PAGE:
July 30th, 2010 — By — In News & Events

MN Supreme Court: Redevelopment authority need not have binding development agreement in order to condemn property

Yesterday, the Minnesota Supreme Court issued its opinion in Eagan Economic Development Authority v. U-Haul Co. of Minnesota, No. A08-767 (July 29, 2010). The state supreme court reversed a 2009 appellate court decision which invalidated a “quick-take” condemnation on the basis that the Eagan Economic Development Authority (EDA) exceeded its authority to acquire property via eminent domain as the city had not executed “a binding development agreement respecting the project.”

In 2007, the EDA filed a “quick-take” condemnation petition in order to obtain title to several parcels of private property for a redevelopment project in the Cedar Grove area, to “reawaken the spirit and vitality of [that] part of Eagan” and to “replac[e] a market obsolete regional shopping center.” The lower court found that the EDA had a valid public purpose for acquiring private property and granted the condemnation petition. Three property owners appealed and the court of appeals reversed, concluding that the EDA exceeded the scope of its authority in condemning the property without first securing a binding development agreement for the property. (See Robert Thomas’s blog here for more background on this case and an article by Erin Johnson for Thisweek Newspapers.)

However, yesterday the Minnesota Supreme Court overturned the appellate decision and held that:

The Eagan Economic Development Authority is bound by the prohibitions and requirements of the “Redevelopment Plan for the Establishment of the Cedar Grove Redevelopment Project Area” it prepared, adopted, and submitted to the Eagan City Council for approval, which approval was granted.

Subsection 1-8 of the “Redevelopment Plan for the Establishment of the Cedar Grove Redevelopment Project Area,” which deals with the proposed reuse of property, does not require the Eagan Economic Development Authority to have a binding development agreement before it can condemn private property in this circumstance.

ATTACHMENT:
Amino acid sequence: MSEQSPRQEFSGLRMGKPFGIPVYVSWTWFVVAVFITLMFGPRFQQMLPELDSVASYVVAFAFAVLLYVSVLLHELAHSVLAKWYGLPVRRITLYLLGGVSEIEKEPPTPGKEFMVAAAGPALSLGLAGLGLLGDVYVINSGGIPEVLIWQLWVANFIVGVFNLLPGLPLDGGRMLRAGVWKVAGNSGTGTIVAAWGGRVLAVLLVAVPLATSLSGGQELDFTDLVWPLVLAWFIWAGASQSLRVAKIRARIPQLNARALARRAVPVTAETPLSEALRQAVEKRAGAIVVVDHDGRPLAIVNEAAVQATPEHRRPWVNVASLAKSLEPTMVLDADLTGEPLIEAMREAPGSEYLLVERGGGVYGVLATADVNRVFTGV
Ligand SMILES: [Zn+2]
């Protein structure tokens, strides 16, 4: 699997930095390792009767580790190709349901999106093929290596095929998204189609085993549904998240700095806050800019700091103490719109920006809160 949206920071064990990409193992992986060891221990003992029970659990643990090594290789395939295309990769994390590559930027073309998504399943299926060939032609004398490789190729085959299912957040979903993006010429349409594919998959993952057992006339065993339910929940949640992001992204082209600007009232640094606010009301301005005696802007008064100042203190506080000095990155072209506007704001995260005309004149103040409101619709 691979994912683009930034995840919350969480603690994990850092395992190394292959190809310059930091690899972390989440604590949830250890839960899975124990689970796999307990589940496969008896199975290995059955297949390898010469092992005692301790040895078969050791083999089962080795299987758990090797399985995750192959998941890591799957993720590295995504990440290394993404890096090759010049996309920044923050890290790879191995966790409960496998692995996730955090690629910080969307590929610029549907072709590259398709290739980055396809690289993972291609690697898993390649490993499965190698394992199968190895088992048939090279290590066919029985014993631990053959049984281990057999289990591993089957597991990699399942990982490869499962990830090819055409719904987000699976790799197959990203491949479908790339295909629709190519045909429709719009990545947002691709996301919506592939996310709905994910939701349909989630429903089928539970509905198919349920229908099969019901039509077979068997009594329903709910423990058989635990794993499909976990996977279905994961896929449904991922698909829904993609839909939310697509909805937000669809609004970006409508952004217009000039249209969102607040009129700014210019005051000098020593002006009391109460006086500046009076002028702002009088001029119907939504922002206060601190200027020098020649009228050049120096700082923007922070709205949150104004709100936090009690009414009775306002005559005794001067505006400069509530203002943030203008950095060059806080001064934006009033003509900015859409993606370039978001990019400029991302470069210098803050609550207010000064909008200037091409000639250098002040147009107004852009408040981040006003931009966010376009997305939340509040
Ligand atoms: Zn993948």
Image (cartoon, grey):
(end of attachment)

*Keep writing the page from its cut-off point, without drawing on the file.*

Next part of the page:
To reach its decision, the Minnesota Supreme Court considered the “enabling resolution,” the initial resolution that established the EDA, which was not presented to the district court and was, therefore, not in the record for the court of appeals to consider. The Court explained: “Usually, an appellate court ‘may not consider matters not produced and received in evidence below.’…But we have taken judicial notice of public records and have said we have the ‘inherent power to look beyond the record where the orderly administration of justice commends it.’” (Opinion p. 12, citations omitted).

The Court found that the enabling resolution “provided the EDA with the powers of a housing and redevelopment authority under Minn. Stat. §§ 469.001-.047, the powers of a city under Minn. Stat. §§ 469.124-.134, and the powers of an economic development authority as contained in Minn. Stat. §§ 469.090-.108, which include the power to acquire property and to exercise eminent domain.” (Opinion p. 15).

In its opinion, the Court then sought to interpret other resolutions and agreements, including the Redevelopment Plan and TIF Plan, to determine that the EDA did not go beyond the scope of its authority. In reviewing these documents, the Court notes that the Redevelopment Plan , specifically Subsection 1-8, and TIF Plans are “poorly drafted” and that the “imprecise language” makes interpretation “challenging.” The Court concluded that the EDA did not exceed the scope of its authority when it acquired the private properties of the respondents. However, the justices did offer 2 caveats. First, the justices indicate that this opinion is in no way an endorsement of a universal interpretation of such drafting or substantive policy, as the drafting was poor and the interpretation challenging. Second, the Court notes that the EDA drafted these documents and could have taken greater care in its drafting. Nonetheless, Subsection 1-8 of the Redevelopment Plan as drafted does not require that the City enter into a binding development agreement prior to the EDA acquiring property. (Opinion pp. 31-32).

Finally, the court held that:

Because the court of appeals invalidated the quick-take order on the ground that the EDA exceeded the scope of its eminent domain authority, it did not address the property owners’ other claims that the taking was not necessary for public use and that the EDA was not entitled to use quick-take procedures. Therefore, we reverse and remand to the court of appeals to consider the property owners’ other claims.
(Opinion p. 32)

There will be more to come as this case goes back to the appellate court for consideration of the public use necessity and of the EDA’s authority to utilize “quick-take” eminent domain procedures.

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